Crispin Porter & Bogusky (CP+B) made the news again
this week. It wasn’t your
run-of-the-mill news business story. Rather, Haggar Clothing not only hired the Miami agency, but gave it a
minority stake. This is newsworthy
because it’s one of those rare instances where an agency takes a stake in its
client’s company. It’s much more
expected that if a discussion of equity arises, it would be expected that both
agency and client would be comfortable discussing equity in relation to the
intellectual property that’s created as a result of the agency’s work on the
client’s behalf.

Questions: Will such a move become de rigueur for
agencies competing for a brand’s business? Will companies begin offering equity positions as a reward for work that
creates value in the business? To what
extent is this just an exception versus the start of a trend? It’s certainly one way an agency could
demonstrate both its belief in it’s own strategy for the client and that it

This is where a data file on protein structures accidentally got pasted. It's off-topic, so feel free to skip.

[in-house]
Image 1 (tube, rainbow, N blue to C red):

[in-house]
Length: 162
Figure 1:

wants to fully align its incentive structure with that of the client. The next question, of course, is how many
brands want their agencies so tied to them and vice versa? Expect companies to tread carefully, since
there’s a limited amount of equity to go around (barring stock splits).

However, an equity stake
can certainly benefit an agency in a number of ways. First, it evens out an their cash flow, particularly if the
projected return meets a minimum hurdle rate. Second, in the case of a company the size of Haggar Clothing, it
guarantees that the agency will have access to the highest levels of the
company. What this means is that
Crispin will have input and impact on areas other than just advertising. They will be at the table when Haggar’s
senior management wrestles with strategic issues about new product development,
innovation and value creation. It’s a powerful
position to be in, no doubt. Most
agencies talk endlessly about having a seat at the strategy table. Based on this move by CP+B, perhaps they’ve
been focused on the wrong table. . . ?

More coverage here.

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Posted by Rob Fields